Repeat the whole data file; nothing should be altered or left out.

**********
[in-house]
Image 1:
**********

[in-house]
Image 1: